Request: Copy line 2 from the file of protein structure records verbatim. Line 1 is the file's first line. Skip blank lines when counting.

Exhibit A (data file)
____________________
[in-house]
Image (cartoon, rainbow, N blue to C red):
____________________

Image (cartoon, rainbow, N blue to C red):